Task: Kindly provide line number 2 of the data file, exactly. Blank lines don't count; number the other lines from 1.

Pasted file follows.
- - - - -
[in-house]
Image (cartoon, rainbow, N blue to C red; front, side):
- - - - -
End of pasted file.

Image (cartoon, rainbow, N blue to C red; front, side):